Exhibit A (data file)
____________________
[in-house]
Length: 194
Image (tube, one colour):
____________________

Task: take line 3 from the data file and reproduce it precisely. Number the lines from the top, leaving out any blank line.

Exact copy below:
Image (tube, one colour):